Winter appeal to help elderly

Age UK Enfield’s services have been in demand during the pandemic. Pictured from left are Cynthia Clarke, care worker Jean Luftig, and Alfonseo Douglas

Age UK Enfield launches campaign as pandemic impact continues, reports Olivia Devereux-Evans

Age UK Enfield has suffered a big financial hit during the pandemic while also seeing a huge increase in demand, according to the organisation’s boss.

Speaking to the Dispatch, chief executive Ben Ingber said the increase in demand for Age UK’s services was largely caused by the Covid-19 lockdown and the way the charity changed the needs of the people it supports.

Ben said: “Those issues around physical health, mental health, loneliness and isolation have been driving up demand. We are still getting 150 calls a week through customer services. Previously that may have been 90 but probably less.

“Referrals to our memory services, which are predominately for people who have just been diagnosed with dementia, have also gone up. We had 50 [in one month] whereas previously they would average about 25 a month.”

To cope with the increase in demand over winter, the charity has now launched a new winter fundraising appeal – ‘Spread the Warmth’. Ben said: “We wanted to recognise the fact it is going to be a difficult winter for older people, for some of the people that we support with dementia and their carers.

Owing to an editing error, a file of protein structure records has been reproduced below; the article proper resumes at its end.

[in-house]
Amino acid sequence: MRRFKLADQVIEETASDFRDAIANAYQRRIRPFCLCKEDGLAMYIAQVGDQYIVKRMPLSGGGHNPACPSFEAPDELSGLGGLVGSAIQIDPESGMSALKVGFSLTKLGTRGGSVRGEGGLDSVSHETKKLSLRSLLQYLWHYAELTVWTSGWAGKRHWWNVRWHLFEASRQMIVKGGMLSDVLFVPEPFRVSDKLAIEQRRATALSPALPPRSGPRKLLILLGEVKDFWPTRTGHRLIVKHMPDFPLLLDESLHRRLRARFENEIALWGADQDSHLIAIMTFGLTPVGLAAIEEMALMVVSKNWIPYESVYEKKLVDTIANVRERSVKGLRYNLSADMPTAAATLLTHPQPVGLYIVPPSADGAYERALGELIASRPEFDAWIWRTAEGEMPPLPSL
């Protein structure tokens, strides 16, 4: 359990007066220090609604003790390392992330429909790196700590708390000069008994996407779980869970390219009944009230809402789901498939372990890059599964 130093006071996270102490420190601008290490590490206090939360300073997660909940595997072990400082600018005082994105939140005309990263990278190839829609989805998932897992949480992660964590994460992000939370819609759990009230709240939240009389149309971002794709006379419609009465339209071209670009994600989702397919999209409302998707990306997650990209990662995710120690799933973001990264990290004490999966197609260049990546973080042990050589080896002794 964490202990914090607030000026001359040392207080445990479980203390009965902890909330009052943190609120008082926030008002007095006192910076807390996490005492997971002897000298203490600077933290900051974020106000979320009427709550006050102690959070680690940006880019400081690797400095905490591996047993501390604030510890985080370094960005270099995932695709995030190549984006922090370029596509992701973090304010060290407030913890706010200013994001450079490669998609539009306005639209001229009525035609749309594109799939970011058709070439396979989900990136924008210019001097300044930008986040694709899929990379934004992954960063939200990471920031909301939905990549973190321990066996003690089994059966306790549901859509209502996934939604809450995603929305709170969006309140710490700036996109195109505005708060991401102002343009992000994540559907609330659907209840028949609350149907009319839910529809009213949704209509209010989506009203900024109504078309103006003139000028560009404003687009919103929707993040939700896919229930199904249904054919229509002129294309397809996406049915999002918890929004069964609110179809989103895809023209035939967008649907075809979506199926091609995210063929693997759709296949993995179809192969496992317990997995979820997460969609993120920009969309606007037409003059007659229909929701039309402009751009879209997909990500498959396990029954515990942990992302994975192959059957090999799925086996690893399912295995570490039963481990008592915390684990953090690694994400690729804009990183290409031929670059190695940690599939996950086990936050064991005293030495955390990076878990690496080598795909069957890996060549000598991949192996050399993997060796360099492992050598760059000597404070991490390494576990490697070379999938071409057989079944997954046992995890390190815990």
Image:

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“We wanted to ask people to support us in order to be able to support them through this period.”

Age UK Enfield runs a variety of services, including day care services for people with dementia, exercise classes, walks around the borough, and health and wellbeing services. Before the pandemic, all of these were delivered face-to-face. Since the pandemic, information and advice has mostly been given over the phone and, in the first lockdown, they had to stop running exercise classes.

One positive, however, has been the way elderly people have learned to adapt to new technology, with services such as the memory club successfully moving to Zoom. After the pandemic Ben wants online services to continue in the future alongside usual face-to-face work, because there are many people with limited mobility who could be more easily reached this way.

Ben praised the staff he works with and the sacrifices they have made over the last year but warned that the charity’s financial difficulties would continue to be felt. He added: “It is still a difficult time. It is really worrying in the short term.

“Running campaigns like this is one of the only options open to us.”

For more information about Age UK Enfield and to make a donation:

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